Richard Branson: How to find a mentor
Much has been said about the importance of mentoring, and why every entrepreneur should find a mentor to help them through setting up a business. But how do you go about finding the right person to mentor you?
This is something that Richard Branson has a lot of experience in. When he was launching Virgin Atlantic, he turned to Sir Freddie Laker who drew on his experiences with his own airline to advise Branson on how to set up the company.
It’s not always easy to find a mentor though, as the Virgin Founder acknowledges in a recent Daily Monitor blog. “When you haven’t yet met many people in your prospective industry or the local business community, figuring out how to make connections can be daunting.”
Fortunately, Branson has three things you can do to help find the perfect mentor…
Talk to local business leaders you admire
"When we were starting up our first Virgin businesses, we would simply find someone who was already running a business in the industry we were hoping to enter and ask him if he’d be willing to spare some time to give us advice. It really was that simple.
Obviously, you shouldn’t pick someone who you see as a direct competitor, but you can try approaching someone who is running a similar business in another location.
Don’t be shy - people are usually flattered by a request for advice. Since they were once in your shoes, they probably had to seek out a mentor at some point themselves.
If you are enterprising, polite and enthusiastic, you’ll likely be surprised at how happy they are to help out!"
Connect to the support community for entrepreneurs
"One of the best things about starting up a business now is that a whole support community is readily accessible online to entrepreneurs.
YouTube offers some fantastic advice videos, and Y Combinator has an excellent series of lectures available. The various TED and TEDx Talks are an incredible resource too - and I must mention our own Mentor Mondays advice videos on virgin.com! The forums for entrepreneurs might be especially helpful.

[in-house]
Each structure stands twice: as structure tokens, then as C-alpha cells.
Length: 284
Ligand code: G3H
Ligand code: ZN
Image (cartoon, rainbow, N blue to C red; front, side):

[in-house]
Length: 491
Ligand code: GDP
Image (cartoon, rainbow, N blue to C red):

To be honest, it doesn’t matter if you are talking with someone who survived the startup race or with someone whose business is coming crashing down - learning from others’ mistakes can be even more valuable than learning from someone who has yet to slip up.
So keep browsing online, comment on startup forums and articles and crowdsource when you have questions. If you start speaking up and interacting with other entrepreneurs, you will make contacts and friends, which may eventually lead you to the perfect mentor."
Go to industry events
"There are start-up events happening in virtually every city around the globe. Check out Eventbrite or MeetUp and search for “start-up” or “entrepreneurship,” and an endless list of events will appear that you might attend.
This is a great way to learn about your industry or entrepreneurship from the experts, and you can network with the people you meet. Don’t hesitate to ask for advice from speakers who seem inspiring and knowledgeable - you might find yourself a mentor.
It can be difficult to motivate yourself to get out there and start meeting people, especially when you don’t know a lot about the industry yet, but keep forging ahead. This is all part of the job and the adventure."